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Fermenting Under Pressure

Discussion in 'General Brewing Techniques' started by wobbly, 12/7/12.

 

  1. wynnum1

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    Posted 21/1/18
    How do they make dry ice would think that would be one use for co2 .
     
  2. wide eyed and legless

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    Posted 21/1/18
    Pretty sure I put a link in where the NASA technician who is also a home brewer made dry ice from CO2 it is what they will be doing on Mars for water I believe. There is also a test plant for making petrol from CO2, but the costs outweighed the returns.
     
  3. wide eyed and legless

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    Posted 22/1/18
  4. Shadime

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    Posted 30/1/18
    Im currently doing my first pressure ferment which is a 14 litre Lager fermented with Saflager W-34/70 .(picture attached).

    I have the fermenting corny attached to a corny that im going to have as the serving keg and that has the spunding valve attached.

    It has been fermenting for 7 days and has reduced from OG 1044 to SG 1014.
    Temp was 15C until pressure reached 15psi and then temp was increased to 18C.
    I had my first taste and I can taste and smell the yeast which has a slight banana smell and taste.

    Couple of questions.
    Being pressure fermented I would have thought it would have suppressed the esters?
    Would the esters have been produced due to too much early fermentation happening before having both cornies pressurised to 15psi?

    As im going to be transfering to the 2nd corny, which is filled with the CO2 produced by the yeast, will I get this smell with every beer I pour?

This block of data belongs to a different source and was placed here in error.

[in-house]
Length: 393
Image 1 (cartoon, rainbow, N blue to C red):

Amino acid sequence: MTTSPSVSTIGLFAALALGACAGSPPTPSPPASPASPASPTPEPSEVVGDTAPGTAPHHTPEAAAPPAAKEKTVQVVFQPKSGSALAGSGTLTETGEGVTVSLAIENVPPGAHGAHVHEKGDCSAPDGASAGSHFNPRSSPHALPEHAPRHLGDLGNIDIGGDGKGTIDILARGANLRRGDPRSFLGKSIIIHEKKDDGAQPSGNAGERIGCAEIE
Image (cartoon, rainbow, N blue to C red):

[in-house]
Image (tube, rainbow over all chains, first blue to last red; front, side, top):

On a side note the flavour from the yeast compliments the beer.

    Thanks for any feedback.

    Cheers
    Shadime
     

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  5. wide eyed and legless

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    Posted 30/1/18
    It only happens on the Saccharomyces cerevisiae not so much on lager yeast, if you kept the 2nd corny flushing throughout the fermentation you should't get the smell of the CO2. A lot of the sulphur compounds should have been driven off .
     
  6. Dan Pratt

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    Posted 30/1/18
    ^ How much yeast did you pitch?
     
  7. Shadime

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    Posted 30/1/18
    I rehydrated the whole packet
     
  8. mxd

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    Posted 1/2/18
    for me, with 34/70 I ferment at 10 to 12, and I ignore it for a couple of weeks before I do a d-rest.

    I've never had the banana from this yeast only the popcorn :(

    Leave it alone and it should turn all good
     
    Shadime likes this.
  9. Dan Pratt

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    Posted 1/2/18
    1 packet for a lager, is not enough. I typically would use that yeast W34/70 for a keg filler beer fermented at 15c using about 6g per L dry hopping to compete with the esters it throws off. Then use that yeast cake to make my lagers/helles or pilsners always targetting about 800 billion yeast cells for a nice cold 9c fermentation.

    To suppress the esters for a lager yeast its been said that > 25psi is the pressure required to achieve that outcome.

    Id suggest you now LAGER the beer you have made in the keg in the fridge for 30days and try it again, then if its still high on esters make a decision on the beer.
     
  10. slcmorro

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    Posted 2/2/18